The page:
Section LV – A fascinating commentary on the mother of James and John asking Jesus to grant her sons special favor  in glory (Matthew 20:17-28).  Usually, commentators look poorly upon her request, coming as it does so immediately upon Jesus’ prediction of his upcoming suffering and death.  It seems to be the height of not  just pride or grasping for  honor or glory, but terribly poor  timing!  But Irenaeus looks at it differently.  He instead praises their mother.  While we often focus on the first part of Jesus’ prophesy, that he will be tried and condemned to death and be flogged and crucified, the mother hears only the last words.  So firm is her faith – according to Irenaeus – that she considers the tribulations and sufferings of Jesus truly as inconsequential compared to the glory they will bring to him and his followers.  Precisely because she makes the request at this particular point, rather than after the resurrection is a praiseworthy demonstration of faith on her part!  The Saviour was speaking of the cross, while she had in view the glory which admits no suffering.  This woman, therefore, as I have already said, is worthy of our admiration, not merely for what she sought, but also for the occasion of her making the request.  

With this, I’ve completed the first volume of the  Ante-Nicene Fathers.  Thank you again too Lois for her generous gift.  At this rate, I may indeed finish them before I die – just barely!

 

ANF: Against Heresies

May 19, 2020

The ongoing saga of my life-long effort to read through all the Ante-Nicene Fathers’ writings….

While it ends abruptly enough for scholars to suspect there was originally a more formal ending.  what we have in extant of Irenaeus’ major work is impressive enough.  Five volumes devoted to explaining the heretical teachings of several prominent schools of early Gnostic Christians and then demonstrating the falsity of  these heresies in the light of Scripture and apostolic tradition.  I’ve been fascinated with this work for years, and while I’m glad to have finished it, there is also an element of disappointment.  Against Heresies is not a generic work but very focused on dealing with the major heretical movements of Irenaeus’ day (and rightly so).  As such, much of it is not terribly helpful in dealing with more modern heresies.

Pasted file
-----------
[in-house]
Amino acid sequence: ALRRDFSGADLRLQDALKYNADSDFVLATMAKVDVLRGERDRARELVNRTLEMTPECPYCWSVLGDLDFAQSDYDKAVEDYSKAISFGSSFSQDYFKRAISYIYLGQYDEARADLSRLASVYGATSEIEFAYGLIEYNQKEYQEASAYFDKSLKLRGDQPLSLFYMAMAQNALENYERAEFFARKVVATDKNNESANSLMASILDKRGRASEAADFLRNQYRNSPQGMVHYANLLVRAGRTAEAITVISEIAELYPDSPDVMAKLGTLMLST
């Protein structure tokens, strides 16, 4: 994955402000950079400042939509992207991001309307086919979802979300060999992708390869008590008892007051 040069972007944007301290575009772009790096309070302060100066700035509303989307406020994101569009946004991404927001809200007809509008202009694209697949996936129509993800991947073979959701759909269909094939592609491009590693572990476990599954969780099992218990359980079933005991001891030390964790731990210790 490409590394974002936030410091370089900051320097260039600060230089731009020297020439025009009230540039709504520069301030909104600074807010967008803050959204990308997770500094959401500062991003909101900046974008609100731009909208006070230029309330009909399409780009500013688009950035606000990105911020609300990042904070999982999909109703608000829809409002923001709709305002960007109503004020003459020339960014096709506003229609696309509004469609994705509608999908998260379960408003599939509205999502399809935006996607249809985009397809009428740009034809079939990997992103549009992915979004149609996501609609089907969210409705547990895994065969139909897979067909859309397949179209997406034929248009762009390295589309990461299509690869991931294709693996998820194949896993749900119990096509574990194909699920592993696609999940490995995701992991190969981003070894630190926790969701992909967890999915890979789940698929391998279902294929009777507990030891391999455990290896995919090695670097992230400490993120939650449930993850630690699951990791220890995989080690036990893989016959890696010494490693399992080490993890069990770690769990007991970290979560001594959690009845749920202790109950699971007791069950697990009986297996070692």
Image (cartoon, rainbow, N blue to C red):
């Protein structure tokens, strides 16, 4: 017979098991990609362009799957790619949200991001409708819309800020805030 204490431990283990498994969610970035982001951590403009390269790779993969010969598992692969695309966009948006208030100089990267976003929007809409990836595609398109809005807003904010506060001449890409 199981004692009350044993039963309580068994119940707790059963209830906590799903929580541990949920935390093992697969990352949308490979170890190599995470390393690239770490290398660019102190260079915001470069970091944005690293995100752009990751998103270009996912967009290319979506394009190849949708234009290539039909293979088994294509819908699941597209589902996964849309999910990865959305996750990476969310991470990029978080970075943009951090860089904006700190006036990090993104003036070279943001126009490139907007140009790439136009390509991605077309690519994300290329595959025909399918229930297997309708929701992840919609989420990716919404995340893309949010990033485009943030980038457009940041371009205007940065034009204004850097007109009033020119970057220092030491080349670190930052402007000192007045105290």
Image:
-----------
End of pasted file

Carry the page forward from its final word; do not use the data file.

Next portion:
Specifically Irenaeus is most concerned with the heresies of the Valentinians.  These are the followers of Valentinius, who premised a secret  knowledge of an extended cosmology well beyond  what Scripture lays out.  The entire first volume of Against Heresies is dedicated to describing in detail what Valentinius taught and his followers believed and then expanded upon.  These followers included Cerdon but more importantly Marcion and then the Montanists.

Along the way are fascinating insights to the life of the early Church and the fervency with which the Church was concerned with the Word of God as the only reliable source of knowledge.  These and other heretical groups attempted to draw from select portions of Scripture as proof of their false teachings, and Irenaeus destroys their attempts with an early example of a basic exegetical principle  – let Scripture interpret Scripture.  His list of the popes in Rome from St. Peter to Irenaeus’ day  is the most reliable source for this information.

I can’t advise anyone who isn’t a scholar of the early Church or a student of Greek or Latin or a doctoral student looking for thesis material to read this work.  It  doesn’t apply well today, when Scripture is held in such low esteem not only by non-Christians but many Christians as well.  Using Scripture and logic Irenaeus is convinced he has aptly destroyed the positions of his opponents, another concept difficult to translate into our day of subjective truth and very little understanding of logic and argumentation.

 

ANF: Fragments of the Lost Work of Justin on the Resurrection

April 29, 2020

The ongoing saga of  my life-long effort to read through all of the Ante-Nicene Fathers’ writings….

The title is pretty self-explanatory.  These are some writings attributed to Justin Martyr as part of a longer treatise regarding the resurrection and the implications of bodily resurrection for believers.  He addresses several confusions, questions, or arguments regarding the doctrine of bodily resurrection from the dead, including whether our bodily members will discharge the same functions after our resurrection as they do now, and whether those who deal with malformations of body parts will be resurrected with the same.  In case you’re curious, Justin doesn’t think our bodily members will necessary perform the same duties after the resurrection as before, and he believes any physical disabilities or limitations in this life will be corrected in the next, based on Jesus’ healing of blindness, deafness, lameness, etc.

He then moves on to argue that the doctrine of bodily resurrection is consistent with the teachings of Greek philosophy, and addresses the relationship of the body and soul regarding sin.

Although this is incomplete, it is valuable for what an early Church Father thought regarding the bodily resurrection, and is good evidence this doctrine was firmly in place and being taught in the early Church.